The Irish High Court referred this challenge by Europe v Facebook to the Court of Justice for the European Union (“CJEU”).
At a hearing on March 24, 2015, a lawyer for Mr. Schrems called for rescinding the Safe Harbor Agreement, and stated that, “Mass surveillance is manifestly incompatible with the fundamental right to privacy and data protection.” He maintained that Mr. Schrems’ right to privacy was violated even though there was no evidence that the NSA had specifically accessed his data. Lawyers for the governments of Belgium, Poland and Austria supported Schrems, while the European Commission, the UK, and the Irish Data Protection Supervisor argued in support of the Safe Harbor Agreement.
Although the Advocate General of the CJEU was originally scheduled to issue a non-binding opinion on June 24, 2015, the CJEU notified Schrems on June 9 that the opinion would be delayed, and did not set a new date for its issuance.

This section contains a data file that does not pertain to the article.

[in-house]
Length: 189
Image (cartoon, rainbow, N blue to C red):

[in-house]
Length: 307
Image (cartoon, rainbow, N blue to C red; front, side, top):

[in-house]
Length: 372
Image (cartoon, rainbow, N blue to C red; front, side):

The Advocate General issued his Opinion on September 23. Although the CJEU usually issues its Judgment three to six months after the Advocate General’s opinion, the CJEU’s Judgment was issued on October 6, 2015. The Advocate General and CJEU both held that the European Commission’s Decision 2000/520 (the “Safe Harbor Decision”) that the Safe Harbor Agreement ensures an adequate level of protection for EU citizens’ data transferred to the US did not preclude the Irish Data Protection Commissioner from investigating Mr. Schrems’ complaint. After holding further that jurisdiction to invalidate the Commission’s Decision belonged to the CJEU alone, the Advocate General and CJEU both invalidated the Safe Harbor Decision for failing to take account of US law’s lack of protection for the fundamental rights of EU citizens.